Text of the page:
Wednesday, October 14, 2009

Cards from my kids...

Today is my bday so C took the kids to school... A programmed a greeting card for me using Flash. Check it out:


Notice his sleek AWP logo/initials :-).

N made a drawing of me kiteboarding while lots of people are pointing at me "because I am doing it so well"... Oh, yes, notice that I am eating a doughnut!

And here is a screen shot of the birthday game P made using Multimedia Fusion. Note the resemblance between me and the person in the game.

Friday, October 9, 2009

Down Payments

We started talking today about the Nobel Peace Prize that was just awarded to Obama. I told the kids that it felt to me like a "downpayment" - since he hasn't yet made any lasting contributions to World Peace (although we all hope he will).

We spoke about when it might make sense to pay for things in advance - as opposed to after the "services" or "products" have been received. In most situations, one must be careful about pre-paying, as one might not get what one expected - and would then have little recourse having paid for it. So it is most common to pay after the fact. Musica paga no suena.

However, there are situations in which paying up-front, or at least providing a "downpayment" makes sense. This could be when such a payment might motivate or encourage the recipient to provide a better service. I used the examples of restaurants. Imagine you travel to a foreign city and go to a fancy restaurant. You get good service and leave a good tip. What benefit did you get from giving the tip? None really. You do it out of fairness and goodwill. However, imagine that as you get to the restaurant you immediately give a tip to the hostess. You might then get the best table at the restaurant and a particularly atentive service (of course, you risk getting nothing in return, which is often the risk of prepaying).

Hopefully the Nobel will make Obama even more determined to work towards world piece...

Wednesday, October 7, 2009

one week to live

I wanted to get the kids thinking about the importance of making every day count. Didn't think it would be appropriate to tell them to imagine they would die soon - at least not in the individual sense. So I told them to imagine that a meteorite would strike the Earth in a week. This didn't seem to freak them out. A said he would stay home because the world would be in chaos. P & N spoke about toys & video games they would buy & play. C, who was catching a ride with me today, said she would fly her extended family to SF to spend time hanging out with them.

I then modified the scenario to one in which they were the only ones who knew about the meteorite. That way, there would be no chaos around. And I then further modified the scenario to one in which there was only a 10% chance of the meteorite hitting the Earth. The idea now being to force them to balance short term fun with long term consequences - of skipping school, for example.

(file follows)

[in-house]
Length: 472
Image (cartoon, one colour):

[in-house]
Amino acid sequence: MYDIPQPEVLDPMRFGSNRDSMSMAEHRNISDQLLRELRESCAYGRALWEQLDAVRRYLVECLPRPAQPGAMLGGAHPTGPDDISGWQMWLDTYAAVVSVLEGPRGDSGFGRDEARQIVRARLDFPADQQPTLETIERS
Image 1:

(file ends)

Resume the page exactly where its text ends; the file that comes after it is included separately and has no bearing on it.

We ran out of time so I plan to return to this topic. I am hoping that we can get into a habit, as a family, of doing truly meaningful things every week (if not every day). What would constitute "truly meaningful"? My initial thinking is:

1) Helping someone else, i.e., making the world a better place.
2) Having a great time, i.e., enjoying life.
3) Improving ourselves, i.e., making ourselves better people.

Monday, October 5, 2009

Grade Inflation

I read a story in the news today about the average rating on the internet being a 4.3 out of 5. Spoke with the kids about the meaning of a school where the average grade is 8/10 vs. one in which it is 5/10. Maybe the tests are tougher, maybe the children study less, maybe the teachers are worst... Same for a city in which the average restaurant rating is 4.5/5 vs. one in which it is 2/5. Maybe the restaurants are worst, maybe the citizens are all foodies, maybe they are just more critical...

Take away? When you see a 4.3 rating on Amazon (or Yelp), know that is an "average" rating. For something to be really good, the rating should be 4.5 or higher. And, of course, a 3 is pretty bad.

Friday, October 2, 2009

the power of control & possesion

I told the kids about an interaction I recently had with a developer that I work with. We've are modifying a web site and don't entirely agree on what to do. As we've been going back and forth more of his than mine ideas are getting implemented. Why? N came up with the answer right away: he is the one doing the changes! Sure enough, those who control the resources can have a larger influence than they would otherwise have... Of course, since in theory I have the decision authority, I can always enforce my point of view, but then it is important to "pick your battles"... We discussed this concept and I told the how my wife & I constantly have to pick our battles with them - even thought to them it might seem as if we pick every battle...

Back to controls & possession, I gave them two additional examples: money & real-estate. In negotiations that involve money changing hands, he who has the money has more power (regardless of what the contract might say), and he who is occupying a property, has more leverage than those who don't.